Review Volume 11, Issue 23 pp 11770—11792

Cancer stem cells-driven tumor growth and immune escape: the Janus face of neurotrophins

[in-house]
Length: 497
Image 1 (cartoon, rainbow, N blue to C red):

Figure 2. The pro-oncogenic and anti-oncogenic effects of the NGF signaling pathway in CSC metabolism and EMT. Schematic model illustrating the opposite pro-oncogenic (left) and anti-oncogenic (right) actions of NGF signaling pathway in the control of CSCs growth and cancer evasion from the host immune system. Pro-oncogenic pathway. CSCs promote tumor growth, perineural invasion, CSCs proliferation and spreading through vessels and nerves by NGF release. In fact, tumor-released NGF attracts cholinergic endings and promotes cancer expansion and neoangiogenesis through neuronal-derived Ach and VEGF. Further, CSCs inhibit the host immune response and facilitate metastatic spreading through IL-10, IL-6, and TGF-β. Excess amount of proNGF stimulates macrophages polarization toward the M2 phenotype, giving rise to TAMs, which are unable to phagocytize cancer cells. Moreover, MDSCs induce Tregs expansion by TGF-β release and contribute to dismount the T-cells mediated immune response. Anti-oncogenic pathway. On the other hand, increasing evidences pinpoint a role for NGF pathway in promoting tumor surveillance by both natural and adaptive immune cells. The NGF-TrkA signaling system induces phagocytic M1 macrophages, thus resolving cancerogenic inflammation. Moreover, NGF receptors allow membrane exposure of activatory NK receptors. The p75-expressing γδ T cells are phagocytic T cells of the so-called “lymphoid stress surveillance” system. NGF-TrkA promotes MHC-I and MHC-II expression by cancer cells and CSCs, and allow recruitment of IL-2 activated T cells in lymph- , promoting the tumor mass eradication. The illustration includes images modified from “”, distributed under the Creative Commons Attribution 4.0 license (CC BY 4.0).